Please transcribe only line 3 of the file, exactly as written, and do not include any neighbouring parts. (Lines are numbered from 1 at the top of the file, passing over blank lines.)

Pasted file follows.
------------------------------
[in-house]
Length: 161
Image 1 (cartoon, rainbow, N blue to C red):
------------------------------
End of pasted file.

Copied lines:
Image 1 (cartoon, rainbow, N blue to C red):